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Henry Thomas De La Beche and Roderick Impey Murchison (15 Jul 2004)
In the third set of tantrums we move on to the unseemly row which developed among leading earth scientists in the 1830s. The new science of geology was just beginning to make progress with working out the sequence in which different rocks were laid down.

At the same time it was also becoming successful at predicting where coal could be found. So all was well and there was a rush to map the country and establish names for different periods in geological history.

Then one man, Henry De La Beche, in Devon, found some fossils that according to another man, Roderick Murchison, could not be there. They threatened Murchisonsí theory and furious debate followed over the next decade.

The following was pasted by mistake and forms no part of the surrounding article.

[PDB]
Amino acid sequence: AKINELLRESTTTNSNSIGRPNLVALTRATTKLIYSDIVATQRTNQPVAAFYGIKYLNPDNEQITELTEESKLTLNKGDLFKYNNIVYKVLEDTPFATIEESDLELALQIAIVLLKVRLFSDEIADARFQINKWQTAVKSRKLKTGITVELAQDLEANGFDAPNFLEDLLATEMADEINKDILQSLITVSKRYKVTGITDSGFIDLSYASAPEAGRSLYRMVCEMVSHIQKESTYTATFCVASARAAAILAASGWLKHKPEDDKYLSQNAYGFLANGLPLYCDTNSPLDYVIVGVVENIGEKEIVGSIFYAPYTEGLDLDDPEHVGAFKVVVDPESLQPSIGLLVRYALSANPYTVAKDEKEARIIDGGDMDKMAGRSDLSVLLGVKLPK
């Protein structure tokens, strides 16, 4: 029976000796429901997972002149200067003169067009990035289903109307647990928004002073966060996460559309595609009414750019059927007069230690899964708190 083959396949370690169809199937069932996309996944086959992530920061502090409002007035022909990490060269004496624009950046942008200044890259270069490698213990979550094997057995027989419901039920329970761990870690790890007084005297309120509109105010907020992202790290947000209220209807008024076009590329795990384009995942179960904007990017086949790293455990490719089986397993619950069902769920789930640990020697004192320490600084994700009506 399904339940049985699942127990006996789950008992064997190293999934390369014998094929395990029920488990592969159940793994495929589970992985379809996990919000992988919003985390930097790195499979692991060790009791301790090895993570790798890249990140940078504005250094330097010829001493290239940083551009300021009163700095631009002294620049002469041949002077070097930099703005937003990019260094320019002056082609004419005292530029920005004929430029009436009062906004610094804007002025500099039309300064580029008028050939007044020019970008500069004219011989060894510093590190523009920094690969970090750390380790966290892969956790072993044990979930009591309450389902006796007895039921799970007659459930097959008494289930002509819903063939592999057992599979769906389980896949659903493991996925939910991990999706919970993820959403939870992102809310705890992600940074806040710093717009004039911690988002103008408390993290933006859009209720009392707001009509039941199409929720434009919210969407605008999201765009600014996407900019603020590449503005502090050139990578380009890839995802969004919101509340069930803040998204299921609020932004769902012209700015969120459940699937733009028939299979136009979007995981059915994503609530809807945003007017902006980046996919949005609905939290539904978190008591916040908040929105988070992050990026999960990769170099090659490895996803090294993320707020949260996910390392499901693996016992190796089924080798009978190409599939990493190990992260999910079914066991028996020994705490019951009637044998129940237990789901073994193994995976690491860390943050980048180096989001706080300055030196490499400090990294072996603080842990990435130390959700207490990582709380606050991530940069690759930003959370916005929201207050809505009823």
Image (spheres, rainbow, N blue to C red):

Sir Roderick Impey Murchison was a wealthy Scot, military hero and reputedly one of the finest fox hunters in the land. He was typical of the gentlemen amateurs who were making the running in the new science of geology. Tipped for the presidency of the geological society, he did not take kindly to the findings.

Henry De La Beche was one of a new breed of geologists who actually had to work for a living. When his contentious findings were presented to the society, he was too poor to afford the fare up to London, and his letter was read in his absence.

In the end, the science of geology was helped by the fight - furious though it was - and De La Beche could be said to have pioneered the career of the professional geologist, transforming what had been a pastime for the priveleged few into a serious career option for many.
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